THE PROBLEM: A traffic signal at a development stops drivers even when construction has stopped.
THE BACKSTORY: Steve Rand does his part.
The Rosedale resident drives a hybrid car to and from his job at University of Maryland Medical Center. And he works a night shift, so he's commuting at off-peak hours.
But it still bugs him to be idling his vehicle at a traffic signal on U.S. 40 at 62nd Street, when there are several other signals in that stretch that regulate drivers on busier roads.
"Traffic gets so clogged there because of all the lights," Rand said.
The intersection leads to the construction site for the future Hollander 95 Business Park, just east of Interstate 95 on the site of the former Hollander Ridge public housing complex.
The signal is set to change on a timer, which allows construction vehicles to exit during the day but is unnecessary at night, Rand said.
Although U.S. 40 is a federal road, Baltimore's Department of Transportation maintains this traffic signal, transportation spokeswoman Adrienne Barnes said.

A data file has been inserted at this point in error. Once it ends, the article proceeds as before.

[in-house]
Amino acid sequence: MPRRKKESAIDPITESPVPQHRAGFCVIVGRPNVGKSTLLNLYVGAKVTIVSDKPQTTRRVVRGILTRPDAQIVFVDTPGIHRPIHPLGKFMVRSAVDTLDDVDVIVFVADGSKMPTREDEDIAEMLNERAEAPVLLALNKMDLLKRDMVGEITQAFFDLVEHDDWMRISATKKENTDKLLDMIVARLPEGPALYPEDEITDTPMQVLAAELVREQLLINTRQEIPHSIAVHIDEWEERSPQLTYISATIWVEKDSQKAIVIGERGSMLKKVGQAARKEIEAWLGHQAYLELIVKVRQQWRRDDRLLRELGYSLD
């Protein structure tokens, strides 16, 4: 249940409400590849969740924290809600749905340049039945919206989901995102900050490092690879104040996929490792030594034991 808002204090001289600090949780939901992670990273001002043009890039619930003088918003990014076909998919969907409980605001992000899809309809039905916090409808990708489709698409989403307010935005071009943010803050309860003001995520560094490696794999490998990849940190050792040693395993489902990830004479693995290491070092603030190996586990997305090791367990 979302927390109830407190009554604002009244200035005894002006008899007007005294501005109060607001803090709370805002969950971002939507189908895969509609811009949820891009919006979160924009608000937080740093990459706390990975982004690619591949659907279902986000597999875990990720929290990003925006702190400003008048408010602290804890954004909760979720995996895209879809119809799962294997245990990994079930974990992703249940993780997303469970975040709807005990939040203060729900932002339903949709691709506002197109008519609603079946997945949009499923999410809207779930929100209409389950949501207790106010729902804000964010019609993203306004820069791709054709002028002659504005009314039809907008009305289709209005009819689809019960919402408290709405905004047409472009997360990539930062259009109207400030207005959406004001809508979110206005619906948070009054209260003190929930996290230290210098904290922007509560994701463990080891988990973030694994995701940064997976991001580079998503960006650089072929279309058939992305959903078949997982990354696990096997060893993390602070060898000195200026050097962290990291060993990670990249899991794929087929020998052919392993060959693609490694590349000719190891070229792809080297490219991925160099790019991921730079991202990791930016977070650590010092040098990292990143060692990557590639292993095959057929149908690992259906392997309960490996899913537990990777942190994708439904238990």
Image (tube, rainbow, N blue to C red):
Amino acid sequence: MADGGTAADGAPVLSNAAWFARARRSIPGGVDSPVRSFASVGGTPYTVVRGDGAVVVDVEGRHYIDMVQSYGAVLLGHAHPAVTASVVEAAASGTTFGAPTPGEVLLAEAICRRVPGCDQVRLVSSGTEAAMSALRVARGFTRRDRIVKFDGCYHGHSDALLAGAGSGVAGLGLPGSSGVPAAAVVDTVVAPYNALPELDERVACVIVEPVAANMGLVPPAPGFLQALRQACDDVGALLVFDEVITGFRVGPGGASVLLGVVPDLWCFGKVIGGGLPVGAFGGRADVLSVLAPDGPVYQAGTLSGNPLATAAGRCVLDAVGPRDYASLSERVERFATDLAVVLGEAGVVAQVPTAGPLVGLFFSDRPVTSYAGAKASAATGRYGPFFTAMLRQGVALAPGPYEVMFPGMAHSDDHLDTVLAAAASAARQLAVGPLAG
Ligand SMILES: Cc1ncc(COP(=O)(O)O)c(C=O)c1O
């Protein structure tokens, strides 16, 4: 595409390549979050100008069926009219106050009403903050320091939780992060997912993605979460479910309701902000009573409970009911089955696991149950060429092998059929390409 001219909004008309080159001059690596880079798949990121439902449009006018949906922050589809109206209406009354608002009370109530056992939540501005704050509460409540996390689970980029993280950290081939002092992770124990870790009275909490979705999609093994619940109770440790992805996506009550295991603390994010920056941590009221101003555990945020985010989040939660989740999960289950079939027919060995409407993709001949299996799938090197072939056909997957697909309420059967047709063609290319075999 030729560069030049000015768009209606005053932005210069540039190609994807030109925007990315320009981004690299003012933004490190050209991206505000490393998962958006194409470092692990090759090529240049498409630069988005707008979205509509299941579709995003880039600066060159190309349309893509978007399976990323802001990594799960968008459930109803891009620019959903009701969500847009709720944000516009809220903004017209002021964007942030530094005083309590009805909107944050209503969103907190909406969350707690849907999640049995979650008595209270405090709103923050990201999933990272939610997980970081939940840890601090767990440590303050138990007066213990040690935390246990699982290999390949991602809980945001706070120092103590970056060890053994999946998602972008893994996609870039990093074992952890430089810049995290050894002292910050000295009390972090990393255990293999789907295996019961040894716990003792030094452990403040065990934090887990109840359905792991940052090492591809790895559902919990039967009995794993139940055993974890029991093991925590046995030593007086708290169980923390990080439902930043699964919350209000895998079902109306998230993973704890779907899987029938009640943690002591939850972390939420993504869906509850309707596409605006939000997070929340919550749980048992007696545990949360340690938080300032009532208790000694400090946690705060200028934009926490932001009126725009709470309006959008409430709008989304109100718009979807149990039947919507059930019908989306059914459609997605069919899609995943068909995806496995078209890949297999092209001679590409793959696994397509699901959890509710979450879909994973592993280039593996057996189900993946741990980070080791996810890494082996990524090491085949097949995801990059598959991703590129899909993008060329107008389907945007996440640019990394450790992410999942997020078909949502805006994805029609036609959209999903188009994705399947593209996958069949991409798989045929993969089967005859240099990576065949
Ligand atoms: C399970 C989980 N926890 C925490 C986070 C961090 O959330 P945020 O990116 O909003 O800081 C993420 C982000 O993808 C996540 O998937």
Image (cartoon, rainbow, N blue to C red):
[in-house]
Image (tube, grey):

Transportation plans to install "puck detectors" that sense the presence of waiting cars at the intersection, but roadwork on 62nd Street isn't finished yet, she said.
"As soon as we've completed milling and paving of the roadway, detectors will be installed," Barnes said.
WHO CAN FIX THIS: Randall Scott, chief of the traffic division, 443-984-2150. City residents can also call 311 to report problems.
Northbound Aisquith Street between Baltimore and Fayette streets should be reopening soon. For months, the northbound lanes have been closed, prompting some motorists to drive the wrong way up the southbound lanes to reach Fayette. A portion of Aisquith had been closed to protect people from debris falling from a building, but a contractor completed repairs last month. According to the city Department of Public Works, the permit to close the road expired Nov. 7, and city transportation workers will remove the jersey barriers and "road closed" signs.
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